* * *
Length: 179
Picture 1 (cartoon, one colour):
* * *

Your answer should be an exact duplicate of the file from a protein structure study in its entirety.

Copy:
Length: 179
Picture 1 (cartoon, one colour):